New project introduced to Advanced Sculpture class

Students learn to create low-relief sculptures through wood carving


By Nick Precht

Senior Nicole Stoneburner works on her wood-carving project – a new addition to the Advanced Sculpture class.

Sarah Myers, JagWire editor-in-chief

Advanced Sculpture students created low-relief wood sculptures using a subtractive carving process as part of a new project, replacing a carving project that used a textured sculpture or casting material called Crea-Stone.

Personal experience and student request both played into art teacher Jerry Howard’s decision to bring a wood-carving project into the class. Howard, who does wood-carving projects in his free time, believes the challenge that working with wood poses stretches advanced students to improve sculpting skills and work with new tools.

“I think the wood carving is a little more challenging than the Crea-Stone, so I wanted to introduce it just so I could see how students would react to the new tools and the new medium,” Howard said. “I think the end result is just a lot nicer project.”

While Howard believes carving wood is more difficult for students than carving into Crea-Stone, some, like junior Gabby Kornis, enjoy this aspect of the project and find ease in wood carving.

“I like this a lot better than the Crea-Stone,” Kornis said. “The Crea-Stone was hard to carve into, rather than the wood, where you just shave it off.”

Senior Sydney Humphrey chose to create a sculpture featuring the character Stitch, from “Lilo & Stitch,” for her project. While working on the assignment, she found some difficulty in the carving process and had to learn how to adjust her technique to be successful.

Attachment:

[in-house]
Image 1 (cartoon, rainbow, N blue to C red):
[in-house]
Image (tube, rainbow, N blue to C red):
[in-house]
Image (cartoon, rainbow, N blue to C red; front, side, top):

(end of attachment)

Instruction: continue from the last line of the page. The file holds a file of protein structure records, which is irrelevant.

“[It requires] lots of patience. You have to be very steady and calm,” Humphrey said. “If you just go crazy, you mess up your entire project, and that’s not fun.”

With this being his first time teaching the project, Howard also had to adjust in his own teaching style.

“It’s challenging [to teach],” Howard said. “It’s not a project that I’ve ever done in class before. It’s certainly a project that I do myself. I do wood carving at my house, so I’m very familiar with the tools. It’s just breaking it down to the instruction.”

Though he has experience in wood carving already, this poses as an obstacle for Howard when it comes to teaching the unit. Still, Howard is learning along with students and is already planning adjustments to implement next year.

“There’s a lot of prior knowledge that I have, so when I sit down to do something … sometimes I forget about breaking it down to the simplest instruction,” Howard said. “To me, that’s the challenge — making sure I remember that they have no prior knowledge.

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